Puscifer – V is for by Kimiko

Release date: 2007

I admit, when I first picked up this CD I was a bit biased. I pretty much love everything that Maynard James Keenen touches. He is just one of those guys that I have always respected. He makes music that he likes and is passionate about, and doesnt really care if it sells a million records or just one. He does what he does and makes no apologies.

So you pretty much know the entire vibe of the album from the title alone. V is for Vagina is the debut album from Puscifer and it is completely different from anything that Maynard has done before.

Maynard has described Puscifer as a pseudonym for his solo work, and wanted to create something that he could connect to people not through the lyrics, but just through the music and the groove. I believe he has certainly done that. The difficult task is to pigeonhole Puscifer into a genre.

It’s a mix of trip-hop, blues, some country twang, a bit of the sultry seduction of Leonard Cohen and an underlying tribal rhythm that comes together in a brilliant display of audio sexuality. Its like Maynard realized that he was a sexual being and manifested it all through Puscifer.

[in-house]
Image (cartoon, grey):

The album starts off with Queen B, which utilizes Maynards deep rumbling baritone to create the bassline, and uses many vocal effects to enhance the raw sexuality of the song. I also like it because it is an anthem for all of us well endowed girls that we can be beautiful too.

My personal favourite on the album is Momma Sed. Its a simple song musically, but powerful. The lyrics are some of the most meaningful of the entire album and they have a sadness to them that is full of regret and disappointment. Not regret and disappointment in the son receiving the message, but the fact that the message has to be said at all. It is reminiscent of Lynyrd Skynyrds Simple Man and has the same kind of simplistic beauty to it.

Overall the entire album is very strong. The only weak point is Sour Grapes which is also the longest song on the album. It makes a point about religion and Jesus, which is one of Maynards favorite topics of discussion in his music, but in my opinion it goes on for too long. However, one weak song makes for a pretty great album and the quality of the rest of V for Vagina more than makes up for it.

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